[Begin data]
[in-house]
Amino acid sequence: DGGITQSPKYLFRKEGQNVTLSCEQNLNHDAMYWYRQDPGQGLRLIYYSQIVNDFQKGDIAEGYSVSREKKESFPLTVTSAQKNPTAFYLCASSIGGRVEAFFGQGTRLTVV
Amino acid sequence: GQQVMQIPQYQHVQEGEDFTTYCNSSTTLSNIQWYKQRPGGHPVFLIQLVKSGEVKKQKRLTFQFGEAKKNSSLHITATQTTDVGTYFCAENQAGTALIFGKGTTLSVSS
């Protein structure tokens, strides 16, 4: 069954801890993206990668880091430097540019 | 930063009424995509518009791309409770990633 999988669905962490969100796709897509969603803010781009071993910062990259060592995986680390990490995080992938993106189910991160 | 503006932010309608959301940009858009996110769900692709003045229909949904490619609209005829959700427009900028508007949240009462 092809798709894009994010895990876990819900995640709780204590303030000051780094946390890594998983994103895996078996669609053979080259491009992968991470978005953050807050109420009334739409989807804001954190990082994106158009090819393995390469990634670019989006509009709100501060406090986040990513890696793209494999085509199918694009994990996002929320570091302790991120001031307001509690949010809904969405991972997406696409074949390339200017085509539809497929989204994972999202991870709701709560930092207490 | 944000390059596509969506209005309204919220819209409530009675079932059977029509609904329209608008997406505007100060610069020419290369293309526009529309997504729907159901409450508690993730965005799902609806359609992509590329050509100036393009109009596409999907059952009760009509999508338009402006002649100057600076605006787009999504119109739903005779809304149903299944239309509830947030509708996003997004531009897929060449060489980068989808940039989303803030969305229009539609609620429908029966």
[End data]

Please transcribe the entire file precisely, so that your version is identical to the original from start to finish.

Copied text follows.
[in-house]
Amino acid sequence: DGGITQSPKYLFRKEGQNVTLSCEQNLNHDAMYWYRQDPGQGLRLIYYSQIVNDFQKGDIAEGYSVSREKKESFPLTVTSAQKNPTAFYLCASSIGGRVEAFFGQGTRLTVV
Amino acid sequence: GQQVMQIPQYQHVQEGEDFTTYCNSSTTLSNIQWYKQRPGGHPVFLIQLVKSGEVKKQKRLTFQFGEAKKNSSLHITATQTTDVGTYFCAENQAGTALIFGKGTTLSVSS
């Protein structure tokens, strides 16, 4: 069954801890993206990668880091430097540019 | 930063009424995509518009791309409770990633 999988669905962490969100796709897509969603803010781009071993910062990259060592995986680390990490995080992938993106189910991160 | 503006932010309608959301940009858009996110769900692709003045229909949904490619609209005829959700427009900028508007949240009462 092809798709894009994010895990876990819900995640709780204590303030000051780094946390890594998983994103895996078996669609053979080259491009992968991470978005953050807050109420009334739409989807804001954190990082994106158009090819393995390469990634670019989006509009709100501060406090986040990513890696793209494999085509199918694009994990996002929320570091302790991120001031307001509690949010809904969405991972997406696409074949390339200017085509539809497929989204994972999202991870709701709560930092207490 | 944000390059596509969506209005309204919220819209409530009675079932059977029509609904329209608008997406505007100060610069020419290369293309526009529309997504729907159901409450508690993730965005799902609806359609992509590329050509100036393009109009596409999907059952009760009509999508338009402006002649100057600076605006787009999504119109739903005779809304149903299944239309509830947030509708996003997004531009897929060449060489980068989808940039989303803030969305229009539609609620429908029966």